What is Conformity and Why Is It Important?

In real estate theory, the principle of conformity states that a given cabin will appreciate best in a neighborhood of similar cabins. This also means that developments with good conformity (those with similar homes) will appreciate better than developments that lack conformity.

Obviously, it’s stupid to build a mansion in the middle of a trailer park. But people make the same mistake on a smaller scale fairly frequently, when they make improvements and renovations. I did it myself when I built a $20,000 patio room on the back of a renovated house in an emerging neighborhood in Atlanta. It was fine when I was using it, but when I decided I wanted to sell, I couldn’t get my money out of the house. Nothing in that neighborhood had ever sold for what I needed to sell for, so it sat empty until I decided to make it a rental. So the rule to remember is this: Lack of conformity won’t hurt you until you decide to sell or refinance.

In other words, it’s risky to build a $300,000 cabin in a development of $150,000 cabins, because appraisals are always framed in terms of comparable sales in the same neighborhood. This means that even if you do find a buyer who is willing to pay your asking price, it may not appraise for that price, which means that the buyer will not be able to obtain a loan. You’ll only be able to sell if you find a buyer who wants to pay cash.

By the same logic, a $200,000 log cabin is a better investment in a log home development than it is in a development that has log homes, brick homes, and vinyl sided homes. In the city, this is rarely an issue within developments, because the developer usually builds every home in the subdivision. In our area, it’s not unusual for the developer to build some, and for others to be built by a variety of other builders. In recent years, we’ve also seen builders buy lots on the retail market and build spec homes on them. All of this tends to dilute conformity, which in our area is enforced by the covenants and restrictions that the developer attaches to the land rather than by the developer building every home.

In our area, covenants and restrictions have tended to improve and tighten over the years. Fifteen years ago, it was normal to simply forbid temporary structures, mobile homes, and animal husbandry. Today, it is not uncommon for developers to specify minimum square footage and type of siding. One restriction that I’m seeing more often, one that I particularly like, is that not more than 50% of the trees originally on a lot can be cut. In general, the tighter the restrictions the better, unless you really want to do something that is restricted (like rent your cabin in a development that forbids it).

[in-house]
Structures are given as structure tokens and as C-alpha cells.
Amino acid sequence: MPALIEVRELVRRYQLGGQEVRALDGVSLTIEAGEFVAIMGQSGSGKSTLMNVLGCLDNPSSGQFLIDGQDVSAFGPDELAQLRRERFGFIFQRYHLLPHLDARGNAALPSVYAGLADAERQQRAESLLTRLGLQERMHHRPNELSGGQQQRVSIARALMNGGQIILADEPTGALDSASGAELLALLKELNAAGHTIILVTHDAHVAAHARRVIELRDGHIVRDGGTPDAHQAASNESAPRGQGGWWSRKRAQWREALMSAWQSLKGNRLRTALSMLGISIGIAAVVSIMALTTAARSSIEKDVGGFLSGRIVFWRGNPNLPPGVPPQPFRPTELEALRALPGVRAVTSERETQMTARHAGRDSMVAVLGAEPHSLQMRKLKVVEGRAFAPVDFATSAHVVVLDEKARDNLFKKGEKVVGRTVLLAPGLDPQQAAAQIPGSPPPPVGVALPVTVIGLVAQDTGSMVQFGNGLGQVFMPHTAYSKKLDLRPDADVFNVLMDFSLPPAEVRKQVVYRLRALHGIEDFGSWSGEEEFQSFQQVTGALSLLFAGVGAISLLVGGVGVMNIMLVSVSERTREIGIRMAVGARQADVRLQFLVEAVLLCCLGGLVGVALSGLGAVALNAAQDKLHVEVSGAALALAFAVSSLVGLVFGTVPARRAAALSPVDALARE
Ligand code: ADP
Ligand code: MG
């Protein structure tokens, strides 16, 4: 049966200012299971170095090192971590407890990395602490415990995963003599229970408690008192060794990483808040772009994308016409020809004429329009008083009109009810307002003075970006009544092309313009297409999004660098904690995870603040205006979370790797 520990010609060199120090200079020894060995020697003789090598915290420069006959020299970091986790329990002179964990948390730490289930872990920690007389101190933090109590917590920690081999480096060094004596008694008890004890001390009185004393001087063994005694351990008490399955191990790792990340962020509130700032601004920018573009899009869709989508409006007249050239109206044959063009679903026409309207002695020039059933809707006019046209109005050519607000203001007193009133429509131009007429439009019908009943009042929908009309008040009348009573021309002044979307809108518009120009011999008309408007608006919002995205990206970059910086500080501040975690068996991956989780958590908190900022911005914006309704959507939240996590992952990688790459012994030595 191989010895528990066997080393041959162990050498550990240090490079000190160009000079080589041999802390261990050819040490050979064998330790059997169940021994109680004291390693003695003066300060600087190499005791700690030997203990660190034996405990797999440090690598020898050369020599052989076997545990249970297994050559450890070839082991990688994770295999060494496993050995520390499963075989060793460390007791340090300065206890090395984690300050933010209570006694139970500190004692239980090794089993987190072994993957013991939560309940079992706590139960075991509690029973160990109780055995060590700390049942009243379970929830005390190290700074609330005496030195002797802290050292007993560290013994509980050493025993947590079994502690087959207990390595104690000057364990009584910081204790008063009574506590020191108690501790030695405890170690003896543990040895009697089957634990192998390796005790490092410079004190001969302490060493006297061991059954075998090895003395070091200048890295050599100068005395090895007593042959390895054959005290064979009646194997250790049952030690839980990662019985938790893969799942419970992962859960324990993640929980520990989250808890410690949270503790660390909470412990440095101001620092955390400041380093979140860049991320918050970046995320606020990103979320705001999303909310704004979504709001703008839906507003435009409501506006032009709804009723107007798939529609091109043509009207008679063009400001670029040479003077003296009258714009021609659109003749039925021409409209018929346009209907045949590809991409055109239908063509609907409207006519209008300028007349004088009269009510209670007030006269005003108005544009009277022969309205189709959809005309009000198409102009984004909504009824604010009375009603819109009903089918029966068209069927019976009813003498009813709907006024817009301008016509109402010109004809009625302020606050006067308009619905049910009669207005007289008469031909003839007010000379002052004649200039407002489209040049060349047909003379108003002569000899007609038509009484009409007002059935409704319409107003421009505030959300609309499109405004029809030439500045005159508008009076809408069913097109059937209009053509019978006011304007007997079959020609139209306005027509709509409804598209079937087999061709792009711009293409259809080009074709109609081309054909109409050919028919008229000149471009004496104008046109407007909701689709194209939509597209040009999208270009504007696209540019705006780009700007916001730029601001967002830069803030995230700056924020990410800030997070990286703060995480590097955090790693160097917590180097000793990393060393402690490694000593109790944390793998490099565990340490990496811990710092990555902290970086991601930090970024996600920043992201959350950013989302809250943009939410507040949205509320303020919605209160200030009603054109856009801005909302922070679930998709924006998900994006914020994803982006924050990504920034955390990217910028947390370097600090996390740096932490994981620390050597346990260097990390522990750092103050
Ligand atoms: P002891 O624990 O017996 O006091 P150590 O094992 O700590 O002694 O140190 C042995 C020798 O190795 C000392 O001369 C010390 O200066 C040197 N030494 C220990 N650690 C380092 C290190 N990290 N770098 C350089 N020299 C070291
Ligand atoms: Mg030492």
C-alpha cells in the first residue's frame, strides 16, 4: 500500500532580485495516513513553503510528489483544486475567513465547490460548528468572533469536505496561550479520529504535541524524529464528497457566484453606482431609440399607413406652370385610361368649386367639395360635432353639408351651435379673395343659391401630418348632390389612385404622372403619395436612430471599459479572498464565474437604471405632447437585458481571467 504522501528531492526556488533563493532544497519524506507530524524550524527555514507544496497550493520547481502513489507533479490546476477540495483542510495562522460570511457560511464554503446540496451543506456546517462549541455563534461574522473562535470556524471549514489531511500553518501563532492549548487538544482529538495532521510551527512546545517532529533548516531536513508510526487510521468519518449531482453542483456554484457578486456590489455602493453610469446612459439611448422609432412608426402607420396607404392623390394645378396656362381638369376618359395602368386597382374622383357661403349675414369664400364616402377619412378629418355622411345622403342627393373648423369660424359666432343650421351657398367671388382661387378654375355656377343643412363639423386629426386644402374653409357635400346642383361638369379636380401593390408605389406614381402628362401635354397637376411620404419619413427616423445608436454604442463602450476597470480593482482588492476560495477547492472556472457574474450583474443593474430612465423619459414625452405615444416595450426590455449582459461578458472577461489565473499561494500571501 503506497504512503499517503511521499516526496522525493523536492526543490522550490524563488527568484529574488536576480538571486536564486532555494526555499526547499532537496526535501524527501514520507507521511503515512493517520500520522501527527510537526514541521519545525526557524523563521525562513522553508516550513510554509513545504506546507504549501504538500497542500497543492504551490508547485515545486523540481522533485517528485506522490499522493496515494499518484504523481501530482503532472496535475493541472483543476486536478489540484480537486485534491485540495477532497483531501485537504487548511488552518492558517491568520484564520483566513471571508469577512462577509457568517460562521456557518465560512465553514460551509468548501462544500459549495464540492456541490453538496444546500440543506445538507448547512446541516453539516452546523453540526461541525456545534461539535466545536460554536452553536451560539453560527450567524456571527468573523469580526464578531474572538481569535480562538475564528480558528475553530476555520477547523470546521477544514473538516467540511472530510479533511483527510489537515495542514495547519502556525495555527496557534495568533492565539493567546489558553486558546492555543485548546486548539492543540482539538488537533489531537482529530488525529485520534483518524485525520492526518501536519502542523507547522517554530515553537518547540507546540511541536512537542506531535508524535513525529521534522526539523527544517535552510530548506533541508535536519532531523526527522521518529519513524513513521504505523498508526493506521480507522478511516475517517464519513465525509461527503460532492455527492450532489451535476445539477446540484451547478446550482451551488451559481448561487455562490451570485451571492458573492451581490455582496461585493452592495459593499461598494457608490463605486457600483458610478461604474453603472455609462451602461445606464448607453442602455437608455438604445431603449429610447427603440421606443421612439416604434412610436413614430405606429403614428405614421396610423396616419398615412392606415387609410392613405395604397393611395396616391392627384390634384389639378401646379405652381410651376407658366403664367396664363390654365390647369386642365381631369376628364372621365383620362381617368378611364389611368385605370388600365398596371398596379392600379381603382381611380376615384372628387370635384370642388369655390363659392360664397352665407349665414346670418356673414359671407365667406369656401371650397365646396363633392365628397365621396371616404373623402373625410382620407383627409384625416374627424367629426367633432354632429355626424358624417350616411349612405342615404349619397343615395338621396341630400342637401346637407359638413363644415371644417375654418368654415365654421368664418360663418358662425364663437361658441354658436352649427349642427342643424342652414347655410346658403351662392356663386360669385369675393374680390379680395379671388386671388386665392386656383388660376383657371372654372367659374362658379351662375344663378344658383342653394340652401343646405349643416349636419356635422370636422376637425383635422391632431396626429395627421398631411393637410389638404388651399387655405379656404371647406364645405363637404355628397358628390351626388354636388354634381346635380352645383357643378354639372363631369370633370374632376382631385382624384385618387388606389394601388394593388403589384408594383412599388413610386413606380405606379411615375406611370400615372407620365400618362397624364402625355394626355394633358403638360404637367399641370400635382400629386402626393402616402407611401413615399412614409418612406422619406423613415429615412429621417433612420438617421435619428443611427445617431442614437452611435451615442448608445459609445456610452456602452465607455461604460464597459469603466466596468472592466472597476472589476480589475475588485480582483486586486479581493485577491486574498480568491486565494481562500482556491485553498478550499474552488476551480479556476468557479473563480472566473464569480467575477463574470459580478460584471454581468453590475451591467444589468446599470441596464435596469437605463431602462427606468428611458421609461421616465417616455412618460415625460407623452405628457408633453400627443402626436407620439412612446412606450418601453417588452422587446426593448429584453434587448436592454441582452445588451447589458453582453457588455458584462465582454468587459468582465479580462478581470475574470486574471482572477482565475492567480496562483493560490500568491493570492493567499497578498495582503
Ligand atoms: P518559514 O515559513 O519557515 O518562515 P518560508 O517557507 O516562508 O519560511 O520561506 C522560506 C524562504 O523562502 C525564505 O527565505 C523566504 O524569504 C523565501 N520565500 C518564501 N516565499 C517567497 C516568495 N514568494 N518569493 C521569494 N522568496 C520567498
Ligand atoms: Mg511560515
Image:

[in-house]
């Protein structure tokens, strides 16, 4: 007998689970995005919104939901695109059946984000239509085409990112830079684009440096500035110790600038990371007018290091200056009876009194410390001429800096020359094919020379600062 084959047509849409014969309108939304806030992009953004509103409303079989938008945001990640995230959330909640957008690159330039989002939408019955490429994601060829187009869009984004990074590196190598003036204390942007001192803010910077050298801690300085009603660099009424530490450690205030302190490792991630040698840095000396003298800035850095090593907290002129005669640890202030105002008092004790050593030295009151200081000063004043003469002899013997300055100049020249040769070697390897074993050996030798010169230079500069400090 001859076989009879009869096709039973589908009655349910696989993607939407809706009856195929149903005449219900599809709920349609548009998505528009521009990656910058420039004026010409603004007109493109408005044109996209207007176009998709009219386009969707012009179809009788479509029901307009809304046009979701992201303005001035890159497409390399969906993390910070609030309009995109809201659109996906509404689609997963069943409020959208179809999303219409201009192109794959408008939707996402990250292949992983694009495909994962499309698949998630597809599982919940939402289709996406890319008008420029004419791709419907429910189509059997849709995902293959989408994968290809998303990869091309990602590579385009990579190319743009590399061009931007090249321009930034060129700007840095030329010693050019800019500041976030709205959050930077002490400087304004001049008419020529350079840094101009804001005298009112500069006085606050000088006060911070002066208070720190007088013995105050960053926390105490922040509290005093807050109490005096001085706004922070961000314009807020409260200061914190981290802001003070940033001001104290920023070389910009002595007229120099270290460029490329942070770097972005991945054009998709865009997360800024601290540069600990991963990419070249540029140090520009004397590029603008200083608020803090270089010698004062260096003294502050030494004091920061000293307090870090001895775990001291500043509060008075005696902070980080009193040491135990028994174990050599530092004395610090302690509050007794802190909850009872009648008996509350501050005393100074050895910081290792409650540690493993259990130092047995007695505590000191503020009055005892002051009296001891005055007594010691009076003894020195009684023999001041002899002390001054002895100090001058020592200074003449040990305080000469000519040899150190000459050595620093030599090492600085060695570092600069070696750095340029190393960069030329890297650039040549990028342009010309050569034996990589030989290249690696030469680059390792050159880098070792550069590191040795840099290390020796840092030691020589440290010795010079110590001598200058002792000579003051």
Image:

Enforcement of covenants and restrictions is by the courts, which means that if some nut builds a monstrosity that is forbidden in your development, you or your neighbors have to bring suit at your own expense to secure enforcement. This isn’t a very common situation, because most buyers respect the covenants, but there are some developments that have a poor track record of enforcing their covenants, and they are probably to be avoided.

Of the three counties that we service, Fannin County probably has the best overall conformity, and Gilmer County probably has the worst. For instance, there is a certain development in Gilmer County that is notorious in the real estate community for its lack of conformity, as it countenances everything from camping trailers to yurts to brick mansions on the river. That’s an extreme case, but it’s common in Gilmer and Union to see a mix of brick, vinyl, and log in the same development. This is not to say that you shouldn’t buy in these developments. But you should be aware that some buyers won’t.

I think the relatively greater conformity in Fannin County is probably due to the fact that Fannin was developed a little later than the other counties, and attracted a critical mass of upscale buyers relatively early in the development cycle due to the success of one of our local developers, who advertised heavily in Atlanta and Naples, Florida. In other words, mountain developments are rarely designed by architects. The local builders simply watch what works, and do more of what works and less of what doesn’t. Over the past ten or so years, our developments have evolved to suit the tastes of the buyers in our demographic. Cabins here tend to be either log or log-sided with tongue and groove paneling inside instead of sheetrock. And, no matter how expensive, they tend to be cabins, designed for weekend occupancy, rather than year-round homes with things you would expect in the city, like a large kitchen pantry and walk-in closets in the master bedroom. While this has its pros and cons, there’s no doubt that the relatively greater conformity has supported greater appreciation.


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